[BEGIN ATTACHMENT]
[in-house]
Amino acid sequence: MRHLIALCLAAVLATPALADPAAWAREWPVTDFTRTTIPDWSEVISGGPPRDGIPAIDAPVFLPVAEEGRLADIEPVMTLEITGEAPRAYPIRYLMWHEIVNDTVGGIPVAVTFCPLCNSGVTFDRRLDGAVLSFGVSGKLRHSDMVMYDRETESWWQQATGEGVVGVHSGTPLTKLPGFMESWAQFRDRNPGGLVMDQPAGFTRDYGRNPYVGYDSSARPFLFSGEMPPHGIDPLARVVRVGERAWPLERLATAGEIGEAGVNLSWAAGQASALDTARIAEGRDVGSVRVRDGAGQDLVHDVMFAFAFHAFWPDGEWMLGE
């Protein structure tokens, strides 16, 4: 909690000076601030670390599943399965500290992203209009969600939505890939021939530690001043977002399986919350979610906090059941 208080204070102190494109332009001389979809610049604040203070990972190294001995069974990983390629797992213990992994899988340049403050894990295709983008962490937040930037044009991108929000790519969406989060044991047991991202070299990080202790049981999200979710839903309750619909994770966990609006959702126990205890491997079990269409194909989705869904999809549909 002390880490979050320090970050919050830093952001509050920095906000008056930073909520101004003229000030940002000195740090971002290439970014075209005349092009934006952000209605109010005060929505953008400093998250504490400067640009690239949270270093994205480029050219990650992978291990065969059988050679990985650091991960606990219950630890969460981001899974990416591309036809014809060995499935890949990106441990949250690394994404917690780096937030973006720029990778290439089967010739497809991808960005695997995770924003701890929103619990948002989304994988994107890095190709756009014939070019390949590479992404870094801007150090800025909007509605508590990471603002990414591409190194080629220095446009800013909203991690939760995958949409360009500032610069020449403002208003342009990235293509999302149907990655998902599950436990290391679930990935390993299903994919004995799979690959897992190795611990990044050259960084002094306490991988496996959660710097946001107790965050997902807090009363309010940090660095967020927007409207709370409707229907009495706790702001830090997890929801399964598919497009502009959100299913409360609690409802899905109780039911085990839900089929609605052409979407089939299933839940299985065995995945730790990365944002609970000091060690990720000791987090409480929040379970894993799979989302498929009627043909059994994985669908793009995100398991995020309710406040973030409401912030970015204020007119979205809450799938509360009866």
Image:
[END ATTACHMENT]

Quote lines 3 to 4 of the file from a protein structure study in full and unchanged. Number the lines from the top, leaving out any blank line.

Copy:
């Protein structure tokens, strides 16, 4: 909690000076601030670390599943399965500290992203209009969600939505890939021939530690001043977002399986919350979610906090059941 208080204070102190494109332009001389979809610049604040203070990972190294001995069974990983390629797992213990992994899988340049403050894990295709983008962490937040930037044009991108929000790519969406989060044991047991991202070299990080202790049981999200979710839903309750619909994770966990609006959702126990205890491997079990269409194909989705869904999809549909 002390880490979050320090970050919050830093952001509050920095906000008056930073909520101004003229000030940002000195740090971002290439970014075209005349092009934006952000209605109010005060929505953008400093998250504490400067640009690239949270270093994205480029050219990650992978291990065969059988050679990985650091991960606990219950630890969460981001899974990416591309036809014809060995499935890949990106441990949250690394994404917690780096937030973006720029990778290439089967010739497809991808960005695997995770924003701890929103619990948002989304994988994107890095190709756009014939070019390949590479992404870094801007150090800025909007509605508590990471603002990414591409190194080629220095446009800013909203991690939760995958949409360009500032610069020449403002208003342009990235293509999302149907990655998902599950436990290391679930990935390993299903994919004995799979690959897992190795611990990044050259960084002094306490991988496996959660710097946001107790965050997902807090009363309010940090660095967020927007409207709370409707229907009495706790702001830090997890929801399964598919497009502009959100299913409360609690409802899905109780039911085990839900089929609605052409979407089939299933839940299985065995995945730790990365944002609970000091060690990720000791987090409480929040379970894993799979989302498929009627043909059994994985669908793009995100398991995020309710406040973030409401912030970015204020007119979205809450799938509360009866």
Image: